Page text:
Australia’s forest fires fanned by climate crisis: Study | Climate Crisis News


National science agency says climate ‘overwhelming factor’ in driving fires, with fire seasons getting longer and affecting more areas.

New research by CSIRO, Australia’s national science agency, has found climate change has driven a significant increase in forest fires in the country over the past 30 years.

The study, published in Nature Communications, combined analysis of previous forest fire sites with eight drivers of fire activity including climate, fuel accumulation, ignition and fire management (prescribed burning).

A before and after shot taken on January 9, 2020, after a fire swept through the Remarkable Rocks lookout in southern Australia [CSIRO]

It found fire seasons were getting longer and that blazes had become more common not only in alpine forests in the southern island of Tasmania but also in the tropical rainforests of Queensland in the country’s northeast.

CSIRO scientist, Pep Canadell, said the research was important for understanding how continued changes to the climate might affect future fire activity in a country that has long been susceptible to bushfires.

“While all eight drivers of fire-activity played varying roles in influencing forest fires, climate was the overwhelming factor driving fire-activity,” Canadell said in a statement.

“The results also suggest the frequency of forest megafires are likely to continue under future projected climate change.”

Over the last 90 years, three of the four megafire years occurred after the year 2000, CSIRO said. A megafire year is defined as the cumulative burned area of forest over one year of more than 1 million hectares (2.47 million acres).

Fires in the southern hemisphere summer of 2019 and 2020 tore through 11.5 million hectares (28.4 million acres) of drought-stricken bushland and forest in southeastern Australia, creating apocalyptic orange skies and forcing trapped people to be evacuated by boat.

More than 30 people were killed and thousands of homes destroyed, with scientists estimating nearly three billion animals were killed or displaced.

The country’s weather bureau warned last year that Australia’s climate was expected to become hotter and drier, and blamed carbon emissions for the increase in extreme heat.

A native echidna in the Flinders Chase National Park in southern Australia after the area was devastated by fire in February 2020 [CSIRO]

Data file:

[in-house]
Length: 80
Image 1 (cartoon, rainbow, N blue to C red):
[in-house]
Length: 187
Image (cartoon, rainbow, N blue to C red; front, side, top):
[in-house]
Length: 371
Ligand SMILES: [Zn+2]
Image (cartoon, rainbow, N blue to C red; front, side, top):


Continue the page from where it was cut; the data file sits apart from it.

The Bureau of Meteorology’s (BoM) State of the Climate report said Australia’s climate had warmed on average by 1.44C (2.6F) since national records began in 1910, with the country experiencing its warmest year on record in 2019. The seven years from 2013 to 2019 all ranked among the nine warmest years ever, the BoM said.

CSIRO scientists identified climate change driven increases in fires against natural variability by basing their research on 32 years of satellite data and 90 years of ground-based datasets from climate and weather observations, simulating fuel loads for Australian forests.

The science agency noted that there had been a rapid increase in extreme heat events, while rainfall had declined in the southern and eastern regions of the continent.

When comparing the first half (1988-2001) with the second half (2002-2018) of the record studied, the research showed that the average annual forest burned area in Australia increased 350 percent, and 800 percent when including 2019.

In the same period, the research showed a five-fold increase in annual average burned area in the southern hemisphere winter and a three-fold increase in autumn, with spring and summer seeing a ten-fold increase.

“In Australia, fire frequency has increased rapidly in some areas and there are now regions in the southeast and south with fire intervals shorter than 20 years. This is significant because it means some types of vegetation won’t reach maturity and this could put ecosystems at risk,” Canadell said.

“Understanding these trends will help to inform emergency management, health, infrastructure, natural resource management and conservation.”





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